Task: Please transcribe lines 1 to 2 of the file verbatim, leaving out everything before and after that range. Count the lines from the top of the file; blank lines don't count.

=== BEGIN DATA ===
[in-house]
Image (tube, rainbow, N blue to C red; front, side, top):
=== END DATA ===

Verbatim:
[in-house]
Image (tube, rainbow, N blue to C red; front, side, top):